The WERA system is a shore based remote sensing system using the over the horizon radar technology to monitor ocean surface currents, waves and wind direction.

The WERA system, developed at the University of Hamburg, has one main advantage: The possibility of connecting different configurations of receive antennas. When operated with linear array, information on the sea state can be obtained via second-order spectra bands. A further advantage is the flexibility in range resolution between 0.3 km and 1.2 km, instead of the fixed resolution of about 2 km of most CODAR systems. This is achieved by transmitting frequency- modulated continuous wave (FMCW) chirps instead of continuous wave (CW) pulses. In addition, this technique avoids the blind range of about 3 km in front of the CODAR. In COSYNA the antennae for the WERA system are located on Sylt, near Büsum and at Wangerooge.


Typical results: HF-Band: Synoptic current map derived from the continuous measurements of the HF-radar system (9 September, 2011, 14 UTC, snapshot from the COSYNA data portal). The radial current components are retrieved from the Doppler shift of the backscattered signal. Combining the measurement from the stations, located on Sylt, near Büsum and at Wangerooge, 2D surface current vectors are retrieved (current direction depicted by line, current velocity colour coded). The synoptic current data from the German Bight are used for data assimilation into numerical models.


Results hf radar.JPG
Example of waveheight recorded by a waverider buoy

Remote sensing by satellites

Satellite Remote Sensing

Remote sensing is a unique technique used to observe large areas of ocean and land surface simultaneously. It is possible to measure concentrations of chlorophyll, suspended matter and yellow substance (also referred to as CDOM) in the visible light spectrum. The algorithms for the open, blue ocean are well established, whereas for coastal regions with highly variable waters they are still the subject of research. Recently, the ESA decided to use an algorithm developed at HZG to reprocess all coastal data from MERIS. This currently optimal algorithm is also used in COSYNA on a daily basis, as shown in the figure (below) of a snapshot of chlorophyll concentrations in the North Sea on 17 May, 2010. In addition, sea surface temperature (SST) data from other satellites are used in COSYNA.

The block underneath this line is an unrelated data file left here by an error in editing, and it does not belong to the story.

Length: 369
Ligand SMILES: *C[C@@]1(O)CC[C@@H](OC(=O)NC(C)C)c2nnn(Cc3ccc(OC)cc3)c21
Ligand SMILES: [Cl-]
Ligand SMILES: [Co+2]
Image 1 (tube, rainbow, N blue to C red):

Chrolofyl concentrations RS.JPG
chlorophyll concentrations in the North Sea measured by a satellite

MERIS on ENVISAT

MERIS is a Medium Resolution Imaging Spectrometer operating in the solar reflective spectral range by ESA and installed on the European environmental satellite (ENVISAT).

With fifteen spectral bands it can be used to determine among many other parameters concentrations of chlorophyll, suspended matter and yellow substances in water. ESA's standard processor for these parameters was developed by Helmholtz-Zentrum Geesthacht (HZG).

MERIS, as one of ten major instruments on Envisat, is operationally delivering data with global coverage in mid latitudes on two out of three days. The data are provided in near real time by ESA in a rolling archive, downloaded for COSYNA purposes to HZG and processed further with optimised algorithms and are available in various formats and as pictures and quick looks.


ASAR on ENVISAT

ASAR, the Advanced Synthetic Aperture Radar (ASAR), operating at C-band, is imaging microwave radar and ensures continuity with the image mode (SAR) and the wave mode of the ERS1/2 AMI. At Helmholtz-Zentrum Geesthacht a algorithm was developed to retrieve high resolution wind fields from SAR (WiSAR), which is capable of handling SAR data from the satellites ERS1, ERS2, RADARSAT1 and ENVISAT. It is based on estimation of wind directions from linear features visible in the SAR image and wind speeds from the normalized radar cross section (NRCS) and capable of distinguishing between wind and none wind induced features. We are archiving selected ENVISAT ASAR imagery for scientific purposes. Within this activity we demonstrate the application of WiSAR in an operational mode, which results in ASAR retrieved wind fields in near real time.


Reference Stations for Remote Sensing

The most critical parameter when computing water constituents from satellite data (radiation) is the correction of the atmospheric influence. To get more reliable corrections two land-based stations on Helgoland and in Büsum are operated that measure parameters such as aerosols, sunshine and irradiance.